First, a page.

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The objective approach, the principle of equality and equal security require that in making an analysis of the situation one should not limit himself to any single type of weapon, but should see the nuclear potentials in a comprehensive way. A true reflection of the factual state of affairs can be found only in that approach. And this state of affairs is such that the Soviet nuclear weapons in Europe do not exceed the aggregate level of the nuclear systems of the NATO group and, therefore, there exists now in Europe an approximate parity in the respective types of weapons. The replacement by the Soviet Union of the old missiles by the modernized ones has not changed the situation. Accordingly, the moratorium that we propose would merely freeze the existing approximate parity, making it easier to reach agreement on the ways to reduce the level of that parity. We noted that on more than one occasion you expressed yourself in favor of such a reduction.

We cannot view the US desire to station in any case its new missiles in Western Europe as anything but the intention to disrupt the strategic parity and to achieve superiority. It goes without saying that we will have to react to it in a proper way. But wouldn’t it be worthwhile giving a thought whether such a turn of events will reinforce anybody’s security, including that of the USA? We are convinced it will not.

This is the reason why we call upon the US Administration and you personally to weigh up again, realistically and with all factors in mind, the developing situation and to take steps in order to open the way toward achieving through negotiations an effective limitation and reduction of nuclear arms in Europe. Given the will on both sides, it is possible, I believe, to reach this goal.

A few words on Poland. It appears that some sinister plans on the part of the USSR are perceived by Washington in everything, and sometimes there is even talk on the possibility of some “internal aggression” in Poland. A question is in order—what at all is meant by the “internal aggression”? Is it possible, for example, that the USA can commit an aggression against itself?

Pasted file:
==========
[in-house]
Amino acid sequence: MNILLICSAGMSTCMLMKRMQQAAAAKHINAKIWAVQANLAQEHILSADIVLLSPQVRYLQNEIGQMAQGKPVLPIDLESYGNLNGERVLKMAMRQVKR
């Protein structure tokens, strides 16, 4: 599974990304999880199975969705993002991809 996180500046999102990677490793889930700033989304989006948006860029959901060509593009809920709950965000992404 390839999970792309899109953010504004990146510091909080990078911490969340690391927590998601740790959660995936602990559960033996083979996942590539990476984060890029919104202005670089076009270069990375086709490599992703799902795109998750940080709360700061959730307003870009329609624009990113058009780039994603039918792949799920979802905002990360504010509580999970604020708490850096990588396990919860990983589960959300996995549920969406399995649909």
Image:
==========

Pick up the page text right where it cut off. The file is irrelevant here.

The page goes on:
Earlier I already expressed to you our position as well as our assessment of the US behaviour with regard to Poland. It remains the same. The United States must in no way interfere in the Polish domestic affairs.

The United States stated on more than one occasion that it would not like to see the Soviet troops in Afghanistan. It is, in fact, this idea with regard to Afghanistan that is present in your letter too. But the Soviet troops are there not just because we want it to be so. We repeated many times that we would withdraw our limited military contingent, provided the aggression against Afghanistan was ceased and a political settlement of the international aspects of the Afghan problem was found. Should the United States be really willing to facilitate such a [Page 164] development, it could certainly do much in this direction. Mentioning the negative position of the Pakistan leadership doesn’t change a thing. It is well known why Islamabad under various artificial pretexts is now avoiding negotiations with Kabul.

Mr. President, in a detailed manner and in the spirit of frankness I have laid down the thoughts which came to me in connection with your letter. I believe this will be useful both for additional clarification of the proposals that had been put forward in my letter of March 6 and for your better understanding of the Soviet position on certain pressing international issues, as well as on questions concerning the relations between our countries.

I hope that our exchange of views as well as the discussions at other levels will help find mutually acceptable solutions which would constitute our common contribution to the strengthening of peace. In this regard I take note of the assurances contained in your letter that the United States is vitally interested in the peaceful resolution of international tensions and that your Administration is prepared to settle disagreements by negotiations.


L. Brezhnev 4
  1. Source: Department of State, Executive Secretariat, S/S–I Records: Lawrence Eagleburger Files, Lot 84D204, USSR 1981. Secret; Sensitive. Printed from an uninitialed copy. An undated report on Haig’s May 28 meeting with Dobrynin is in the Library of Congress, Manuscript Division, Haig Papers, Department of State, Day File, Box 41, May 28, 1981.
  2. See Document 47.
  3. No classification. The letter is the unofficial translation that Dobrynin gave Haig.
  4. Printed from a copy bearing this typed signature.